Archive for the ‘Blueberry Bluegrass’ Tag

Blueberry Bluegrass & Country Music Society Festival, 2017   Leave a comment

It isn’t often you get to reinvent yourself after 31 years, but that is what Blueberry Bluegrass needed and was able to achieve during their 2017 event, August 4-6. BBG

Held in Stony Plain, Alberta, the Society celebrated their 32nd edition by pulling out all the stops to even hold the event. The current organizing committee didn’t take the reins of the fest until late February, and with no advance work having been done for the 2017 event, many feared for the future of the festival. But thanks to the efforts of area bluegrass stalwarts, many associated with but separate from the Northern Bluegrass Circle Music Society, it happened. And thank goodness it did.

Blueberry has long been one of Canada’s premier bluegrass events, having been referred to (accurately or not) as the largest and oldest bluegrass festival in the country, going through periods of growth (and stints of fallow) over the course of its three decades. It has battled August snow storms, near tornado-like winds and rain, sound system failures, no-shows, and performance disappointments while also embracing warm, azure Alberta skies, life-altering shows from legends, facilitating friendships and an intermittently strong provincial bluegrass scene.

Prior to this year’s event, Blueberry had gone through the management of essentially three different teams of leadership, each featuring individual strengths, foci, perspective, and vision during their years of control. Respect for all who previously headed the fest. While no event can satisfy each and every bluegrass fan—and I stayed away out of dissatisfaction for much of the decade from 2004-2014—Blueberry has done a pretty good job of meeting the needs of most. Quibbles aside, the Alberta bluegrass community has been well-served by Blueberry, and many of the most important names and bands have played the fest, Bill Monroe & the Blue Grass Boys, Mac Wiseman, Jimmy Martin, and J. D. Crowe on through to today’s hottest bands including The Earls of Leicester, Junior Sisk & Ramblers Choice, Ricky Skaggs & Kentucky Thunder, Rhonda Vincent & the Rage, and the Del McCoury Band. Local heroes have developed at Blueberry, among them Jerusalem Ridge and Down To The Wood.

Without getting into gossip and ‘inside baseball’ territory—the details of which I am not privy—or criticizing prior practices, Blueberry Bluegrass dived into their next era this year, and the effect was immediately apparent.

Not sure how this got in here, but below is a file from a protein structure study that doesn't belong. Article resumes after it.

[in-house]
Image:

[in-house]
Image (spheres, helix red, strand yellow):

While getting into the festival site was a bit of a mess on Saturday morning (the only day I was able to attend this year—I don’t believe I have the stamina to take in a three-day fest), the twenty minutes spent in line awaiting admittance was the only negative I experienced all day. Well, the weather wasn’t great but that is well-beyond anyone’s control.  So many positive adjustments were apparent, some of them very significant.

Most notable, the use of the available facilities was taken to positive advantage. Blueberry has long been fortunate to have a gravelled stage site, access to flushables, and a covered pavilion for venders and additional conveniences. A new building had been built on the site, and the new board grabbed it to allow a second stage, this one indoor. As we all know, any fest is at the mercy of the weather, and by taking advantage of the new building, the organizers  advanced the festival to its next level.

BMB

The Bix Mix Boys- well, most of them. Sorry, Jim.

Not only does the second stage provide an indoor respite for those looking for such (and additional washrooms) it also allowed the festival programmers the advantage of broadening their artistic vision. Providing listeners choice (something admittedly not all welcomed when competing stage times caused undesirable conflicts) the festival allows guests their preference: inside/outside, Band A/Band B, wet/dry. According to one of the performers, the ballroom is not particularly ‘sound-friendly,’ but no one would have discerned that. Why? The festival invested in excellent equipment and sound talent, going as far as bringing in Miles Wilkinson to head up the interior sound team. Amazing. As well, the second floor of the new hall allowed for a private green room for the performers, a separate area for volunteer meals and such, and an intimate workshop space. No complaints heard. A third stage was available for the workshops and jams as well as additional performances.

The organizing committee went extra lengths to provide opportunities for attendees to participate in a variety of activities, some related to bluegrass, some not. While the music is what matters to me, I am glad that the committee recognizes that ‘value added’ elements will help grow the festival. Among the many activities organized for younger guests were a petting zoo, an arcade, and colouring contest, as well as bluegrass-related films, instrumental and singing workshops throughout the days, and facilitated jamming tents. Additionally, the venders market was vastly expanded and improved, and this was only possible by re-establishing relationships with area venders and artisans. The concourse area was filled with tables featuring commercial products, handcrafted items, and instruments, providing additional energy and vitality.